For many years, I’ve highlighted the biblical relationship between holiness and the sight of God. That is, whereas we normally think of morality and behavior when we think of holiness, the more profound core of it is preparation to behold the glory of God in the face of Christ. Unsullied eyes have undistracted sight.
Of course, I’m far from the first to see this truth. Consider, for example, the words of Augustine from fifteen-hundred years ago:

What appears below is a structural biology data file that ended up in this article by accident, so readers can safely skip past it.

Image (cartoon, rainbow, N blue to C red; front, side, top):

“Wherefore, since it is our duty fully to enjoy the truth which lives unchangeably, and truth for the things which He has made, the soul must be purified that it may have power to perceive that light, and to rest in it when it is perceived. And let us look upon this purification as a kind of journey or voyage to our native land. For it is not by change of place that we can come nearer to Him who is in every place, but by the cultivation of pure desires and virtuous habits” (On Christian Doctrine, Book 1, Chapter 10).